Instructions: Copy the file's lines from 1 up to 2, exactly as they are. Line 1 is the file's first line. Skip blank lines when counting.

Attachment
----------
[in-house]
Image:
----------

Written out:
[in-house]
Image: